Three additional thoughts on climate financial regulation, building on the last post about the SEC
1) A big question about SEC and related regulation. May the SEC regulate only on financial issues, i.e. “materiality,” or may it regulate with larger social, economic, or political objectives in mind?
The big squeeze now is to squeeze the latter in to the former. Disclose that the company doing something unpopular, even if it may have no financial effect, because someone might decide they don’t like it — either the twitter mob or future regulators — and cause you trouble. (I am deliberately not using legalize here.) The carbon rules are not entirely new ground here, but so deep into that territory that the question is now loud and clear.
2) “Disclosure” usually means revealing something you know. A perfectly honest answer to “disclose what you know about your carbon emissions” is, “we have no idea what our carbon emissions are.” Back that up with every document the company has ever produced, and you have perfectly “disclosed.” There is no asymmetric information, fraud, etc.
The SEC has already required the production of new information, and as Hester Peirce makes perfectly clear, the climate rules again make a huge dinner out of that appetizer: essentially telling companies to hire a huge number of climate consultants to generate new information, and also how to run businesses.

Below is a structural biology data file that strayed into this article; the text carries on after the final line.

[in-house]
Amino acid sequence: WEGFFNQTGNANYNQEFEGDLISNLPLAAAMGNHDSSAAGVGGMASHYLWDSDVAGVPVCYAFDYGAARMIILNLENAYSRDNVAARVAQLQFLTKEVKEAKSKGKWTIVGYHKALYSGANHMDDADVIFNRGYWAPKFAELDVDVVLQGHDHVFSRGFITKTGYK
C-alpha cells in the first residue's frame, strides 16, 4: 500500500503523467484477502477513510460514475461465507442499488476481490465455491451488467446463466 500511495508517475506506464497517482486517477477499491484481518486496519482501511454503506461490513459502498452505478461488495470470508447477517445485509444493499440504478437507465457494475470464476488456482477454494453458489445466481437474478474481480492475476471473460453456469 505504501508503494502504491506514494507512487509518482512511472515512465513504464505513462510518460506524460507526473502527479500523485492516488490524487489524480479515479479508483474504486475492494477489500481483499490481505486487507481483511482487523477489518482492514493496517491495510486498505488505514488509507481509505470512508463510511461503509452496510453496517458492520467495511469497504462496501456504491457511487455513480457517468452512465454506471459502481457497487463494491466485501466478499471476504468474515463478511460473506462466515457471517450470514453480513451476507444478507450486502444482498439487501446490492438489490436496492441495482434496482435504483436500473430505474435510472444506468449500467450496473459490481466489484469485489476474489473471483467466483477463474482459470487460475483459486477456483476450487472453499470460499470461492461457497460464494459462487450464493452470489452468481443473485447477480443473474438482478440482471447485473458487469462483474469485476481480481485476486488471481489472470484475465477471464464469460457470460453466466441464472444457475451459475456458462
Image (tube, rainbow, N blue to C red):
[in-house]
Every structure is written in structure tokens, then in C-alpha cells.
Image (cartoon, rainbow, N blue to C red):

The fixed costs alone are huge. The trend to going private and abandoning public markets, at least in the U.S. will continue. The trend to large oligopolized politically compliant static businesses in the U.S. will continue.
I would bet these rules wind up in court, and that these are important issues. They should be.
3) The SEC’s timing relative to Russian sanctions makes an interesting one-two punch, as Walter Russell Mead points out. Suppose you’re Brazil. Hmm. When will the U.S. decide to impose financial sanctions on Brazil for not following our ideas of climate policy, or the SG (social, governance) part of ESG? Maybe we should find alternative financial channels, pronto.